Diagnosing the TPACK Landscape in Native Language Instructors of Taiwan: What Affects Their Readiness to Teach in Technology-Rich Classrooms?
In Taiwan, Native Languages become a new mandatory subject from grade 1 to 12 starting in 2022. This study examines the technical, pedagogical, and content knowledge (TPACK) of Taiwanese native language teachers (NLTs). Used the Delphi method, Exploratory Factor Analysis (EFA), Confirmatory Factor Analysis (CFA), and Structural Equation Modeling (SEM), the NLTs’ competency of teaching with technology was uncovered.
To date, Taiwan has 8 vulnerable, 1 definitely endangered, 2 severely endangered, 5 critically endangered, and 9 extinct languages. Seeing the necessity of ecological biodiversity for sustainability, UNESCO argued the importance of language diversity in human civilizations. In response to UNESCO’s call to safeguard endangered languages, global collaborations have initiated the reduction of language extinction. However, not until the end of the 20th century did the government of Taiwan address the conservation of native languages, due to the democratization and localism movement.
To further safeguard these endangered languages, legislators in Taiwan passed the Development of National Languages Act, to “recognize the multicultural nature of the nation, and to spur the transmission, revival, and development of national languages”. It asks the government to prioritize the transmission, revitalization, and development of endangered languages by various policy measures. One of the measures is to implement mandatory classes in native languages at all stages of compulsory education, starting in the school year 2022. Moreover, the Act authorizes local governments to implement, wherever appropriate, any native languages as the language of instruction at schools. To be compliant with the Act, the Ministry of Education (MOE) will have to prepare licensed native language teachers (NLTs) in the 3-year window.
In this technology-rich 21st century, integrating technology becomes vital to all teachers, including NLTs. Although many cultural policy instruments are in place, NLTs may become the only taskforce that holds every effort of language revitalization accountable. Researchers and practitioners have seen the potential of computer-assisted indigenous language learning, web-based aboriginal language instruction, and technology-assisted language conservation. NLTs’ teaching and technology competencies are critical factors regarding the success of native language education. To understand Taiwanese NLTs’ technological teaching competencies at the national level, this study addressed two gaps (i.e., the factor structure of NLTs’ TPACK and the relationships between the factors), by first performing EFA and CFA on data gathered from an NLT-TPACK survey that was contextualized for native language instruction.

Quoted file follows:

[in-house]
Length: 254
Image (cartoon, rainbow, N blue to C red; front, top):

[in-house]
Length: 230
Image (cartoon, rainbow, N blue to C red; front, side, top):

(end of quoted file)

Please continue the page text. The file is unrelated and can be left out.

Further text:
TPACK, a comprehensive model describing teacher knowledge, is derived from Shulman (1986), following scholars’ frameworks of Pedagogy Content Knowledge (PCK). TPACK consists of seven elements Content Knowledge (CK), Pedagogical Knowledge (PK), Technological Knowledge (TK), Pedagogical Content Knowledge (PCK), Technological Content Knowledge (TCK), Technological Pedagogical Knowledge (TPK), and TPACK. Despite technology-intensive teaching having reached a new normality in classrooms, decades of research found in-service and pre-service teachers had difficulty orchestrating learned content knowledge, pedagogical skills, and technology skills. To understand the orchestration between technology and pedagogy, TPACK research focuses on developing a total package with professional development opportunities.
Minority languages are offered in public schools to help minority children bridge their learning experiences between families and schools. Reasons for native language instruction include collecting and expressing indigenous heritage, facilitating cultural understanding, and promoting multiculturalism. The Language Nest of Māori features the whole language paradigm that immerses learners within cultural heritage, value, and behavior through various kinds of events. Domain-specific teaching models were developed, such as Language Apprenticeship in heritage language learning. A lively native language classroom entails demonstrating cultural context, celebrating diversity, and appropriating multimedia resources.
However, this approach requires deliberate orchestration among the various teacher-knowledge components, such as TCK and PCK. NLTs typically obtain better content knowledge than their technology counterparts. Moreover, heritage content requires pedagogical translation by instructors, such as relating content to day-to-day communication, connecting to live experience, embedding ethnic worldview in language learning, promoting knowledge of social construction , and creating multimedia material.